Selected Bibliography: Other Authors
Adam, Hazard. Critical Theory Since Plato. Orlando: Harcourt Brace Jovanovich, 1992.
Alderman, Harold. Nietzsche’s Gift. Athens: Ohio University Press, 1977.
Allen, Gay Wilson. Waldo Emerson: A Biography. New York: Viking Press, 1981.
Ansell-Pearson, Keith. An Introduction to Nietzsche as Political Thinker. Cambridge: Cambridge University Press, 1994.
___, ed. Nietzsche and Modern German Thought. London: Routledge, 1991.
Baker, Carlos. Emerson among the Eccentrics. New York: Viking Press, 1981.
Bauer, Ralph. “Against the European Grain: The Emerson-Nietzsche Connection in Europe, 1920-1990.” ESQ 43 (1997): 69-93.
Bercovitch, Sacvan. The Puritan Origins of the American Self. New Haven: Yale University Press, 1975.
Berkowitz, Peter. Nietzsche: The Ethics of an Immoralist. Cambridge: Cambridge University Press, 1995.
Bhabha, Homi K. The Location of Culture. London: Routledge, 1994.
Bloom, Harold. Agon: Towards A theory of Revisionism. Oxford: Oxford University Press, 1982.
___, ed. Ralph Waldo Emerson. New York: Chelsea House, 1985.
Cady, Edwin H. and Louis Budd, eds. On Emerson: The best from American Literature. Durham: Duke University Press, 1988.
Carpenter, Frederic Ives. Emerson Handbook. New York: Hendricks House, 1953.
Cavell, Stanley. Conditions Handsome and Unhandsome: The Constitution of Emersonian Perfectionism. Chicago: University of Chicago Press, 1990.
___. The Sense of Walden. San Francisco: North Point Press, 1981.
Christy, Arthur. The Orient in American Transcendentalism: A Study of Emerson, Thoreau, and Alcott. New York: Columbia University Press, 1932.
Clark, Maudemarie. Nietzsche on Truth and Philosophy. Cambridge: Cambridge University Press, 1990.
Conway, Daniel W. Nietzsche and the Political. London: Routledge, 1997.
de Botton, Alain. The Consolations of Philosophy. New York: Vintage Books, 2000.
de Man, Paul. Blindness and Insight. Minneapolis: University of Minnesota Press, 1983.
Derrida, Jacques. Margins of Philosophy. Chicago: University of Chicago Press, 1982.
___. Writing and Difference. Chicago: University of Chicago Press, 1981.
Detwiler, Bruce. Nietzsche and the Politics of Aristocratic Radicalism. Chicago: University of Chicago Press, 1990.
Eagleton, Terry. The Ideology of the Aesthetic. Oxford: Blackwell, 1990.
Ellington, James W., ed. “On a Supposed Right to Lie Because of Philanthropic Concerns.” In Grounding for the Metaphysics of Morals. Indianapolis: Hacket Publishing, 1993.
Friedl, Herwig. “Fate, Power, and History in Emerson and Nietzsche.” ESQ 43 (1997): 267-93.
Gagnier, Regenia. “The Law of Progress and the Ironies of Individualism in the Nineteenth Century.” New Literary History 31(2000): 315-36.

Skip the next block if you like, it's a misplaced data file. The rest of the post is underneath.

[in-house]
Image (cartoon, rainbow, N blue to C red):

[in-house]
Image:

Gadamer, Hans-Georg. Heremeneutics, Religion, and Ethics. New Haven: Yale University Press, 1999.
Gardiner, Patrick. Schopenhauer. Bristol: Thoemmes Press, 1997.
Geldard, Richard G. God in Concord: Ralph Waldo Emerson’s Awakening to the Infinite. New York: Larson Publications, 1999.
___. The Esoteric Emerson: The Spiritual Teachings of Ralph Waldo Emerson. Hudson: Lindisfarne Press, 1993.
Gelpi, Albert. The Tenth Muse: The Psyche of the American Poet. Cambridge: Cambridge University Press, 1991.
Gelpi, Donald. Endless Seeker: The Religious Quest of Ralph Waldo Emerson. Lanham: University of American Press, 1991.
Goodman, Russell B. American Philosophy and the Romantic Tradition. Cambridge: Cambridge University Press, 1985.
___. “Moral Perfectionism and Democracy: Emerson, Nietzsche, Cavell.” ESQ 43 (1997): 159-80.
Harding, Brian. American Literature in Context, 1830-65. Vol. 2. New York: Methuen, 1982.
Hayman, Ronald. Nietzsche. London: Phoenix, 1997.
Heidegger, Martin. Being and Time. New York: Harper & Row, 1962.
___. Nietzsche. 2 Vols. New York: Harper Collins Publishers, 1991.
___. The End of Philosophy. New York: Harper & Row, 1973.
Heller, Erich, ed. The Importance of Nietzsche: Ten Essays. Chicago: The University of Chicago Press, 1988.
Hollingdale, R. J. Nietzsche. London: Routledge & Kegan Paul, 1973.
Hopkins, Vivian. Spires of Form: A Study of Emerson Aesthetic Theory. Cambridge: Harvard University Press, 1951.
Howe, Irving. The American Newness: Culture and Politics in the Age of Emerson. Cambridge: Harvard University Press, 1986.
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Jaspers, Karl. Nietzsche: An Introduction to the Understanding of His Philosophical Activity. Baltimore: Johns Hopkins University Press, 1997.
Kant, Immanuel. Critique of Judgment. Oxford: Oxford University Press, 1952.
Kateb, George. Emerson and Self-Reliance. London: Sage Publications, 1995.
Kaufmann, Walter Arnold. Nietzsche: Philosopher, Psychologist, and Antichrist. Princeton: Princeton University Press, 1950.
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___, and Kathleen M. Higgins, eds. The Cambridge Companion to Nietzsche. Cambridge: Cambridge University Press, 1996.
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___, ed. Nietzsche and Asian Thought. Chicago: University of Chicago University, 1991.
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___, ed. In Respect of Egotism: Studies in American Romantic Writing. Cambridge: Cambridge University Press, 1991.
___ and Saundra Morris, eds. The Cambridge Companion to Ralph Waldo Emerson. Cambridge: Cambridge University Press, 1999.